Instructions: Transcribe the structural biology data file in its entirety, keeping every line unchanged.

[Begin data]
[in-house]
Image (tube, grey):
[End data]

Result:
[in-house]
Image (tube, grey):